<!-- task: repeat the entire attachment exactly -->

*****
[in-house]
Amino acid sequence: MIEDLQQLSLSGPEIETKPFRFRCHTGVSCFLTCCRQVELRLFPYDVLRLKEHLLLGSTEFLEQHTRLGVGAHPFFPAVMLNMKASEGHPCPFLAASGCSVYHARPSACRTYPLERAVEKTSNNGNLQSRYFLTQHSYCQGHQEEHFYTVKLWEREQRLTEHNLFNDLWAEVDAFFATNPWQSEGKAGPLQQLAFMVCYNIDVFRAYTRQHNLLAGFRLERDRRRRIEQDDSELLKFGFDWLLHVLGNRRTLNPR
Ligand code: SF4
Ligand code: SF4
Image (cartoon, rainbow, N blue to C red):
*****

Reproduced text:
[in-house]
Amino acid sequence: MIEDLQQLSLSGPEIETKPFRFRCHTGVSCFLTCCRQVELRLFPYDVLRLKEHLLLGSTEFLEQHTRLGVGAHPFFPAVMLNMKASEGHPCPFLAASGCSVYHARPSACRTYPLERAVEKTSNNGNLQSRYFLTQHSYCQGHQEEHFYTVKLWEREQRLTEHNLFNDLWAEVDAFFATNPWQSEGKAGPLQQLAFMVCYNIDVFRAYTRQHNLLAGFRLERDRRRRIEQDDSELLKFGFDWLLHVLGNRRTLNPR
Ligand code: SF4
Ligand code: SF4
Image (cartoon, rainbow, N blue to C red):